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Meet Joe Russo

Today we’d like to introduce you to Joe Russo.

Joe, let’s start with your story. We’d love to hear how you got started and how the journey has been so far.
Growing up in Connecticut, I never thought I’d end up working in the movie business.

I mean, I love movies. My parents love movies. Some families bond over watching sports, we bonded over movies and television. It was what we did together as a family when I was growing up.

Connecticut is about as far away from Hollywood as you can get. I thought I’d marry my ex-girlfriend and work for her father’s import/export business — but that all changed when my parents moved to Arizona my first year of college.

Phoenix was a helluva lot closer to Los Angeles, so I transferred to Arizona State. It’s one of the biggest schools in the country — it had to have a film school, right?


The rumor was that, years before, the president of the university turned Steven Spielberg down for a film school. He said no to Steven Spielberg. It’s unbelievable.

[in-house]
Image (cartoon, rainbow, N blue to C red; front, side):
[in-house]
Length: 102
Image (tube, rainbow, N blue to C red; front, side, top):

So, I did the closest thing I could think of — I went into their journalism program. From there, I met the film club kids. They were in the process of petitioning to start a film school, so I got involved with that initiative, and we were successful. ASU has had a film program now for over ten years, and every year more and more students are making the jump to Los Angeles. It’s something I’m very proud of being apart of in the early stages.

At that time, Arizona still had a tax incentive, so I started working as a day-player in production. The Peter Berg movie The Kingdom was shooting in town. I got to work on it as an office assistant. I snuck out onto the set every chance I could — including the movie’s famed car crash sequence. Watching cars fall from the sky. Racing gatorades to stuntmen while fires literally blazed around me… it was incredible.

Once the tax incentive dried up in 2010, I knew I had to move to Los Angeles, but my wife had the “steady” job in Scottsdale. She told me that I could go out to Los Angeles during the week to try to find a job, but she wasn’t going to leave Arizona until I found steady employment. So, I started driving back-and-forth. Every weekend. It was a grind. In retrospect, I don’t know how I did it physically and mentally, but somehow I did.